Washington, Oregon, take different paths to marriage

LGBT activists in the neighboring states of Oregon and Washington have reached two different conclusions in the past week about strategies for marriage equality. Those in Washington State will attempt to gain it in 2012, but those in Oregon will use 2012 to continue to build support.

LGBT advocates in Washington on Monday, November 14, launched a drive to achieve marriage equality through the state legislature in 2012. They announced the creation of Washington United for Marriage, a coalition of 37 local and national LGBT and civil rights organizations, congregations and religious associations, unions, and business groups, as the first step in that campaign.

But in neighboring Oregon, the board of Basic Rights Oregon voted unanimously Friday, November 9, not to pursue a ballot measure for marriage equality in 2012. The board said, in a statement, that “several factors, including the expense of waging a statewide political campaign in the midst of an economic crisis, led us to conclude that we are better off extending our education campaign and building momentum for a later election.”

Washington state Rep. Jim Moeller (D-Vancouver) told The Columbian newspaper November 11 that he would introduce marriage equality legislation in 2012. He and state Senator Ed Murray (D-Seattle) introduced such legislation during the last session, but it failed to come up for a vote in either chamber.

The announcements come a little more than a month after Equality California announced it would not push for a ballot measure on marriage equality next year in the Golden State, instead opting for a public education campaign.

Both Oregon and Washington already allow same-sex couples to enter into broad-ranging domestic partnerships. Both states passed their initial domestic partnership legislation in 2007, with a limited set of rights, and expanded them in subsequent years to encompass all the state rights and responsibilities of marriage in everything but name.

Oregon prohibits same-sex couples from marriage via a state constitutional amendment that passed via voter referendum in 2004.

In Washington, however, LGBT advocates scored a referendum victory in 2009 when state voters rejected an attempt to repeal the domestic partnership legislation.

The Washington legislature is controlled by Democrats, who hold a 27 to 22 edge in the Senate and a 56 to 42 edge in the House. And Democratic Governor Christine Gregoire (D) has signed all of the domestic partnership bills. But a legislative win in Washington State is far from certain because there’s no guarantee a vote on marriage equality will fall strictly along party lines. Three Senate Democrats have voted with Republicans against each of the three bills that extended or expanded domestic partnerships: Jim Hargrove (D-Hoquiam), Brian Hatfield (D-Raymond), and Tim Sheldon (D-Potlatch). Another three have voted against at least one of the domestic partnership bills: Jim Kastama (D-Puyallup), Marilyn Rasmussen (D-Eatonville), and Paull Shin (D-Edmonds).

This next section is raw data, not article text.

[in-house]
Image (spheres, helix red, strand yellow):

All but Rasmussen are still in the Senate.

Conversely, three Republicans have voted in favor of domestic partnership legislation: Dale Brandland (R-Bellingham), Curtis King (R-Yakima), and Cheryl Pflug (R-Maple Valley). King and Pflug remain in the Senate.

Even if a marriage equality bill passes, however, opponents of equality may try to repeal it via voter referendum.

But the latest polling data indicates they might not succeed. Washington Poll, a non-partisan survey from the University of Washington, asked voters in October how they would vote in a hypothetical referendum.

A total of 55 percent said they would vote “yes” to keep a marriage equality law, and 38 percent said they would vote against the law. Seven percent were undecided.

In addition to possibility of a ballot measure in Washington, three other states are expected to have voters weigh in on same-sex marriage in 2012: Maine, Minnesota, and North Carolina.

Activists in Maine turned in enough signatures last week to put their pro-active measure on the ballot, asking voters to approve a law in favor of marriage equality. But voters in Minnesota and North Carolina will be asked to approve state constitutional amendments to ban same-sex marriage. North Carolina’s measure would also ban civil unions and domestic partnerships as well. Both states already have statutory bans on marriage for same-sex couples.

Leave a Reply